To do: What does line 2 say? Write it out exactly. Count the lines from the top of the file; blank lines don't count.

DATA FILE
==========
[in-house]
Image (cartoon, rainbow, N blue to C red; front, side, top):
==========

Image (cartoon, rainbow, N blue to C red; front, side, top):